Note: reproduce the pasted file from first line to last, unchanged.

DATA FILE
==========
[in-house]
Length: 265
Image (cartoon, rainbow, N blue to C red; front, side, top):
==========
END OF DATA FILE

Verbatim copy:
[in-house]
Length: 265
Image (cartoon, rainbow, N blue to C red; front, side, top):